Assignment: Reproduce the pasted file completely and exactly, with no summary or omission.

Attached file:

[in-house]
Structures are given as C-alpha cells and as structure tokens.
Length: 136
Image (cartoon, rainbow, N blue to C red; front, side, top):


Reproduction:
[in-house]
Structures are given as C-alpha cells and as structure tokens.
Length: 136
Image (cartoon, rainbow, N blue to C red; front, side, top):